The Polish Christmas Tree

“Come on downstairs. You’ve got to see the Polish Christmas tree,” said the father of one of my best friends. I was probably a teenager or maybe in college and was spending time at her house during the holidays. We trudged down to the basement to behold a Christmas tree with branches jutting out at odd angles and covered with a hodge-podge of decorations. But what really caught your eye were the globs of shiny icicles just thrown helter-skelter all over it. It was stunningly ugly. Her dad announced with pride, “Now, that’s the way we decorate a tree in the coal regions. Get a couple drinks in and then stand back and throw that tinsel, baby.”

My friend was one of four children growing up in a boisterous household where anything could happen and usually did. I was an only child of older parents accustomed to a more sedate lifestyle surrounded by adults, and I loved being swept up in the whirlwind of her family. Our parents met as newly-weds living in adjacent apartments and became lifelong friends. Our families attended the same church, the kids went to the same school, and my friend and I shared the best of childhood—the trips to Hershey Park and the beach and the picnics and parties—all led by her Dad’s enthusiasm, laughter, and flat-out joy in life. No one could dance at the local German club or enjoy a beer or race ahead of us kids to get in line for the roller coaster the way her dad could.

As adults, my friend and I didn’t see each other often but we always managed to stay in touch. When my own dad became bed-ridden, her dad would show up at the back door and say, “I just had to see John, today. See how he was doing, see if there was anything I could do. You call me if there’s anything, anytime, day or night.” And he meant every word. He channeled his boundless energy into taking care of everyone he knew in the small town where we grew up. As my friend said to me recently, “He just wanted to help to the point that sometimes it got on your nerves.”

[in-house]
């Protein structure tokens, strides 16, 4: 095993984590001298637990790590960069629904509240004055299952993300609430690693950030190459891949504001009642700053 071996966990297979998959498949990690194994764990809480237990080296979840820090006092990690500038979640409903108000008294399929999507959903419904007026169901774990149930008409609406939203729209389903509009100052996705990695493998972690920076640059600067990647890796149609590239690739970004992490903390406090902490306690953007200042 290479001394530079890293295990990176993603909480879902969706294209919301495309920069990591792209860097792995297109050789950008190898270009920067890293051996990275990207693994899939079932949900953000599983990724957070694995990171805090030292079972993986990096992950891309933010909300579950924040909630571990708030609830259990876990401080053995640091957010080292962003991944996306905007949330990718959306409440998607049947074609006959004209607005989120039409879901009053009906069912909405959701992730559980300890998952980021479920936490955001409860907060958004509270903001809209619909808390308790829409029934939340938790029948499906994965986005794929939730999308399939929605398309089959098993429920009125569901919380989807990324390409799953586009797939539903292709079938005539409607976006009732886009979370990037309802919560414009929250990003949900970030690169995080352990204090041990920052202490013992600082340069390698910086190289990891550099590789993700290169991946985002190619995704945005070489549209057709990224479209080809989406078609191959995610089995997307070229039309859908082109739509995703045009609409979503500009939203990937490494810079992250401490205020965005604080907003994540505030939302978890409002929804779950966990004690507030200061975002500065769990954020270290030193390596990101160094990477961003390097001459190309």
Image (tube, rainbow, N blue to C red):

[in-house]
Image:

This week, my friend’s dad went home to Jesus, and I kept remembering that Polish Christmas tree as I painstakingly decorated my own tree. Those of us left behind have been blessed by this kind man’s presence, his humor, and his heart that had room for all. I’m sure he’s already had a beer or two with God and is driving the angels crazy asking how he can help. And since it’s almost Christmas, I hope he’s standing back and throwing tinsel at a sparse little evergreen, introducing all his friends in heaven to a Polish Christmas tree.

3 thoughts on “The Polish Christmas Tree

  1. Anne, thank you! You captured the wonderful quirks and uniqueness of my truly special dad! I appreciate it my friend!❤️

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  2. Great! I remember throwing the tinsel strands at the Christmas tree so they would look natural as they drifted down to the bows. It made the tree look more natural. My dad was big into that! My wife had an aversion to that and who has tinsel in the storesany more?

    A Blessed Advent ad a Merry Christmas to all. Thanks Anne for your insightful articles.

    Like

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